Archive for October, 2014

The Canadian Wireless Market and the Big 3: It’s Always Been a Matter of Trust

Appeared in the Toronto Star on October 3, 2014 as Wireless Industry’s Tired ‘Trust Us’ Argument Fresh off the contentious hearing on the future of television regulation, the Canadian Radio-television and Telecommunications Commission jumped back into the fire last week with a hearing on the wireless market that focused on […]

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October 6, 2014 1 comment Columns Archive
Bury your head in the sand... by Sander van der Wel (CC BY-SA 2.0) https://flic.kr/p/af6AGY

Government Goes for the “Head in the Sand” Approach on Voluntary Warrantless Disclosures

In the aftermath of the Supreme Court of Canada’s Spencer decision, I argued that the decision upholding the reasonable expectation of privacy in subscriber information contradicted the government’s claims supporting Bills C-13 and S-4, leaving the government’s lawful access strategy in tatters. I noted that it faced a choice:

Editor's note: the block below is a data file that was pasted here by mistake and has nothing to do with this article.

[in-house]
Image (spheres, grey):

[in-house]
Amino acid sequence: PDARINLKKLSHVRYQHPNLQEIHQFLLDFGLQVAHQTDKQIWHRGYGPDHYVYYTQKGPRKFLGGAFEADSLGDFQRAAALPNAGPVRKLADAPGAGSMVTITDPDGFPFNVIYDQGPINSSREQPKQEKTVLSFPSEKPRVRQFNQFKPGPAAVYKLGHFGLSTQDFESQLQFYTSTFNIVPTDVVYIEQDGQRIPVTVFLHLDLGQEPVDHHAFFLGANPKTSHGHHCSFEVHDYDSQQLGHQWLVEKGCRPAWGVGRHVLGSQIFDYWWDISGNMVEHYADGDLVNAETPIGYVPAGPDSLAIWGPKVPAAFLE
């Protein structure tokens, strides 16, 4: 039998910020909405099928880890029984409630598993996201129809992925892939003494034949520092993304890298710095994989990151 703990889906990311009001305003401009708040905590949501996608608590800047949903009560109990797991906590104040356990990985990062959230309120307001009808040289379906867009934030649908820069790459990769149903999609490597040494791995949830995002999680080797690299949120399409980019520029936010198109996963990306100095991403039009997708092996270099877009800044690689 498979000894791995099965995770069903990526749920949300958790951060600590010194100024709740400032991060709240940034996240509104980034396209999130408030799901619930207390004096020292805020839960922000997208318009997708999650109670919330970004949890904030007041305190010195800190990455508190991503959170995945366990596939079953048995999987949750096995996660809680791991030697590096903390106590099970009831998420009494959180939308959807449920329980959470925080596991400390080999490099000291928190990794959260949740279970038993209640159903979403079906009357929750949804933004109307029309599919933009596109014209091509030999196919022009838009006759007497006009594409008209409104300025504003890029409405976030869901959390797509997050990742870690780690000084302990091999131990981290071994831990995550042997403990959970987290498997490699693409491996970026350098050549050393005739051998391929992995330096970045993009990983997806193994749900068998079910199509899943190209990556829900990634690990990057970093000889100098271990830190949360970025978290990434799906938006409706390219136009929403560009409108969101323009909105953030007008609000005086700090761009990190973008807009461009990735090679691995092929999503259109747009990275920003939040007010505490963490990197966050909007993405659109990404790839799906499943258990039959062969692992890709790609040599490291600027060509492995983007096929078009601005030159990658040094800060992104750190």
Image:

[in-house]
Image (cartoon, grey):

The Canadian government could adopt the “bury our heads in the sand approach” by leaving the provision unchanged, knowing that it will be unused or subject to challenge. That would run counter to the spirit of the Supreme Court ruling, however, and do nothing to assist law enforcement.

Yesterday, the government did just that, as Bill C-13 passed another legislative hurdle with the reported committee version of the bill was approved by the House. During the debate, the government insisted that the legislation is consistent with the Spencer decision. While it is true that the voluntary warrantless disclosure provision does not directly contradict the Spencer decision, the reality is that it has been rendered largely moot. In other words, the government is touting a legislative solution to assist law enforcement that the police will not use and that telecom companies will ignore.

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October 2, 2014 2 comments News